It has been a week since I last wrote, in quite a state of turmoil about losing the dress I have shot this series in each week for the past 8 months. It rained that day… all day. Unusual for Texas. And it was chilly out… so the skies had that solemness that only winter can bring. It all seemed to match my mood entirely to well. I spent a few hysterical hours on the phone with a girlfriend of mine. At one point I jokingly said “well… this means that it’s going to either have to be a totally different dress, or NO dress at all.” The moment I said it… I knew. “Dammit” I told her, “This means I’m going to have to go get naked in the woods doesn’t it?” To which she agreed with a sly grin I could hear on the other end of the line. And so there in the midst of the loss – a glimmer of where to go next. A very horrifying glimmer, but a glimmer nonetheless.

Know matter how much I didn’t want to… I knew I had to shoot it. I couldn’t let the raw emotion of the day pass me by. I could not back down from the challenge to go somewhere that felt so vulnerable. So I grabbed my gear and out I went into the cold and rain. There in the quiet of a dry creek bed, with only the sound of the gentle rain tapping on damp fall leaves, I set up my camera with a rain poncho over top… stripped down to nothing, and began shooting. I would like to point out to anyone who doesn’t know me, I’m an extremely modest person not at ALL comfortable with my own nudity being out there… particularly in such a permanent fashion as what I am doing right now. But I discovered something in doing this shoot. It is not in fact the most naked I have ever felt…

The day he died and I was left behind… everything was stripped from me. I was too lost to even move. Waiting, wondering. I could not feed myself for weeks. Or drive. Or do much of anything on my own. For months I did not spend more than a few hours by myself for the paralyzing fear of being alone with my own heart. I was completely broken open. Nothing has ever made me feel so fully exposed as his death. To my surprise, even physical nudity does not compare to how naked I felt then. But it as close as I can articulate it visually I think.

It has not been an easy, this project. There have been many weeks in which I just wanted to walk away from it. Many days it has brought me to tears with frustration. The past few months especially have been a struggle… my motivation dwindling. And so perhaps the loss of the dress came exactly when I needed it to. It has shaken up everything. For the first time in months, I am feeling some excitement about the unknowing of it all. I’m feeling a spark of desire to explore how I will deal with my body for the remaining images… what coverings will I use? Fabric? Nature? None? And what part of my story will this now begin to tell? Perhaps it is about stepping outside the confines of a label like “widowed”. Or exploring beyond who we thought we once were to find that we can in fact be all number of things in this life. Or about stepping more fully into our true selves. Or all of this.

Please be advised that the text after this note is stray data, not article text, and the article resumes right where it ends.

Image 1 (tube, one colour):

I don’t know where it will go… and that is both scary and exciting. To be right where we are… at an ending in the middle. An ending unplanned. And thusly a sort of new beginning before we wanted to begin again. A new direction when we did not want or ask for one. That is life, is it not? And death. If we so choose to live it as such – which my fiancé very much did. It is one of the most important lessons I learned from him after all… that no matter what direction life takes you, there lies an adventure waiting before you.

_

“Still, Life” is a year-long self portrait series exploring the journey of living with loss. If you’re new to this project, you can read more about it in this post. Or to see the full image gallery visit 2014 PROJECT. Please share with anyone who you feel can relate to the imagery, my hope is that it gives many others a visual for something they are going through in their own lives.

Week 28 // Unity

 

Portrait_Week28

 

I’ve been shaped by death nearly all my life. Not only the recent death of my husband-to-be, but reaching back to nine years old when I lost my mother to breast cancer. And at 27 when I lost my father. Death has challenged me to look at everything differently and one of the most significant aspects has been a relationship to soul.

This piece speaks to the idea of our perpetual oneness with soul. It explores a continuation – of being created from and dissolving back into this unified soul space once gone – and of the relationship that exists with this while we are here on earth. I was not a particularly spiritual person before my fiancé died, but I have been drawn to spirit and to soul ever since in some surprising ways. Many of my images have begun to feel more like a partnership – between myself and something greater. Frequently I have visuals appear at random in my mind – clear as day – and something seems to be willing me to create them physically. I know there must be some greater force at play there because these are the images that always seem to resonate the deepest with people (and with me). It is a curious journey and one of the greatest gifts to have emerged from his death.

_

“Still, Life” is a year-long self portrait series exploring the journey of living with loss. If you’re new to this project, you can read more about it in this post. Or to see the full image gallery visit 2014 PROJECT. Please share with anyone who you feel can relate to the imagery, my hope is that it gives many others a visual for something they are going through in their own lives.